Évaluation du Fardeau economique de la Cysticercose Au Burkina Faso: (Evaluation of the economical burden of cysticercosis in Burkina Faso)
Prevalence case-control study of epilepsy in three Burkina Faso villages
Article first published online: 31 JAN 2012
© 2012 John Wiley & Sons A/S
Acta Neurologica Scandinavica
Volume 126, Issue 4, pages 270–278, October 2012
How to Cite
- Issue published online: 1 SEP 2012
- Article first published online: 31 JAN 2012
- Manuscript Accepted: 6 DEC 2011
- National Institute for Neurological Disorders and Stroke (NINDS)
- Fogarty International Center (FIC)
- Fogarty International Center (FIC) of the National Institutes of Health
- cross-sectional study;
- Sub-Saharan Africa
To estimate the association between the prevalence of epilepsy and potential risk factors in three Burkina Faso villages.
Three villages were selected based on local reports of high numbers of epilepsy cases and pig-rearing practices. One person aged 7 or older was selected at random from all households of selected concessions for epilepsy screening and blood sampling. Epilepsy was confirmed by a physician using the ILAE definition. The cross-sectional associations between epilepsy and selected factors and seroresponse to the antigens of Taenia solium were estimated using a Bayesian hierarchical logistic regression. Prevalence odds ratios (POR) and their 95% Bayesian Credible Intervals (95% BCI) were estimated.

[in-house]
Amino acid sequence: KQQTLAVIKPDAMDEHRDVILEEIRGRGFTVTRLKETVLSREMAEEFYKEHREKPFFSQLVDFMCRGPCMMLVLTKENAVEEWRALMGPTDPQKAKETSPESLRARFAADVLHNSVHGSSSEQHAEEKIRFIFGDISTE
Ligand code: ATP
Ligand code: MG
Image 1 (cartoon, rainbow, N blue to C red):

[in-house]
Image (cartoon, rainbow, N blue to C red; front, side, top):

Of 888 individuals interviewed, 39 of 70 screened positive were confirmed to have epilepsy for a lifetime prevalence of 4.5% (95% CI: 3.3; 6.0). The prevalence of epilepsy was associated with a positive reaction to cysticercosis Ag-ELISA serology (POR = 3.1, 95% BCI = 1.0; 8.3), past pork consumption (POR = 9.7, 95% BCI = 2.5; 37.9), and being salaried or a trader compared to a farmer or housewife (POR = 2.9, 95% BCI = 1.2; 6.4).
Several factors were associated with prevalent epilepsy, with Ag-ELISA suggesting the presence of neurocysticercosis. The association between epilepsy and some occupations may reflect differences in local attitudes toward epilepsy and should be further explored.